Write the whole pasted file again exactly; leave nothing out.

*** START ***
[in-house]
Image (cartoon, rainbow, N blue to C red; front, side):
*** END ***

[in-house]
Image (cartoon, rainbow, N blue to C red; front, side):